If you don't see your comment after publishing it, refresh the page.

Our comments section is intended for meaningful responses and debates in a civilized manner. We ask that you respect the fact that we are a religious Jewish website and avoid inappropriate language at all cost.

If you promote any foreign religions, gods or messiahs, lies about Israel, anti-Semitism, or advocate violence (except against terrorists), your permission to comment may be revoked.

No Responses to “Q & A: Torah In English (Conclusion)”

Comments are closed.

SocialTwist Tell-a-Friend

Current Top Story
IDF Chief Rabbi Rafi Peretz delivers lecture.
IDF Chief Rabbi: Nothing is Holy to Muslims on Temple Mount except Al Aqsa
Latest Judaism Stories
The Story of Jacob and Esau (2010) 11 x 19, bronze relief by Lynda Caspe. Courtesy Derfner Judaica Museum – Hebrew Home at Riverdale

Yaacov returns the stolen blessing of material wealth and physical might to Esav

Rapps-Rabbi-Joshua-logo

The Jew, from the perspective of the name Yaakov, is dependent on the non-Jewish world. This can be seen today in the relationship between the State of Israel and the United States

Lessons-Emunah-logo

Yet, ultimately, looking back, these “setbacks” turned out to be really for the patient’s best – for the good.

In the afternoon, he reached into his pocket to check for the money, but it was empty. “The $50 bill must have fallen out,” Alex exclaimed. “It’s got to be in one of the rooms I was just at.”

Although the conversion ceremony involves more than circumcision and immersion, these are the two essential requirements, without which the conversion is ineffective.

Question: If Abraham was commanded to circumcise his descendants on the eighth day, why do Arabs – who claim to descend from Abraham through Yishmael – wait until their children are 13 to circumcise them? I am aware that this is a matter of little consequence to our people. Nevertheless, this inconsistency is one that piques my curiosity.

M. Goldman
(Via E-mail)

Rashi in Shabbos 9b writes that the reason why the tefillah of Ma’ariv is a reshus is because it was instituted corresponding to the burning of the eimurim from the korbanos – which was performed at night.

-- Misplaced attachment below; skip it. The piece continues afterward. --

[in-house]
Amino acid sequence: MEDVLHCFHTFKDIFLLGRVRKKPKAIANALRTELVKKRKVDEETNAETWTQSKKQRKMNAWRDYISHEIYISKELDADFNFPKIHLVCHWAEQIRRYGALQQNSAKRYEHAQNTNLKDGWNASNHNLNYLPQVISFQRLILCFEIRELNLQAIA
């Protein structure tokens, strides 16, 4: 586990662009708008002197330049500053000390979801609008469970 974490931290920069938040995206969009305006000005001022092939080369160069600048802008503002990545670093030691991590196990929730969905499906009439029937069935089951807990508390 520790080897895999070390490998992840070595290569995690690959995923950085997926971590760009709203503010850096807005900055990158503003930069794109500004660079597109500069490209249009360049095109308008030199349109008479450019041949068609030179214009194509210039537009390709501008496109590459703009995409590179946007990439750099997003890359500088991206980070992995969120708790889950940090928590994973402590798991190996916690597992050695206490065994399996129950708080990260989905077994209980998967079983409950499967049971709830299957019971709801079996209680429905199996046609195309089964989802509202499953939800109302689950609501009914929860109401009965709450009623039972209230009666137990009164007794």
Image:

It almost sounds as if Hashem is saying, “I have to keep Yaakov from getting too comfortable; otherwise he will forget Me. I can’t promise him sustenance because then he won’t need Me. He won’t write. He won’t call. He won’t love Me anymore.”

The Decree Of 1587
“Two Kabs Of Dinars Were Given…To King Yanai”
(Yevamos 61a)

Simply too many cases of prayers being answered to deny it makes a difference to our fate. It does.

Prayer is our language: Hakol kol Yaakov – the voice is the voice of Jacob – the voice of prayer.

Jacob cries, overcome by the knowledge that his great love for Rachel will end in unbearable pain.

There’s a perfect mirror between Jacob running away from Esav to when he reunites with his brother.

Yitzhak called you Esav and you answered him, then he called you Yaakov and you also answered him!”

Yitzchak thought the Jewish people needed dual leadership: Eisav the physical; Yaakov the spiritual

More Articles from Rabbi Yaakov Klass
QuestionsandAnswers-logo

Question: If Abraham was commanded to circumcise his descendants on the eighth day, why do Arabs – who claim to descend from Abraham through Yishmael – wait until their children are 13 to circumcise them? I am aware that this is a matter of little consequence to our people. Nevertheless, this inconsistency is one that piques my curiosity.

M. Goldman
(Via E-mail)

Question: My young daughter was recently diagnosed with autism. She does not function well socially and is extremely introverted, but we have noticed that she reacts very well to small animals. We reported this to her therapist who suggested that we get a dog or cat as a pet. We know that most religious people frown upon having pets, but we hate to see our daughter suffer and want to do anything that would make her happy. Would it be okay to own a pet in the circumstances we described?

Her Loving Parents
(Via E-Mail)

Question: My young daughter was recently diagnosed with autism. She does not function well socially and is extremely introverted, but we have noticed that she reacts very well to small animals. We reported this to her therapist who suggested that we get a dog or cat as a pet. We know that most religious people frown upon having pets, but we hate to see our daughter suffer and want to do anything that would make her happy. Would it be okay to own a pet in the circumstances we described?

Her Loving Parents
(Via E-Mail)

Question: My young daughter was recently diagnosed with autism. She does not function well socially and is extremely introverted, but we have noticed that she reacts very well to small animals. We reported this to her therapist who suggested that we get a dog or cat as a pet. We know that most religious people frown upon having pets, but we hate to see our daughter suffer and want to do anything that would make her happy. Would it be okay to own a pet in the circumstances we described?

Her Loving Parents
(Via E-Mail)

Printed from: http://www.jewishpress.com/judaism/ask-the-rabbi/q-a-torah-in-english-conclusion/2004/11/03/

Scan this QR code to visit this page online: